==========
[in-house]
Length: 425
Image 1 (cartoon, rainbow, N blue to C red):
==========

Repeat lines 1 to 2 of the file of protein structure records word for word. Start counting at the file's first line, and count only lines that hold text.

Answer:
[in-house]
Length: 425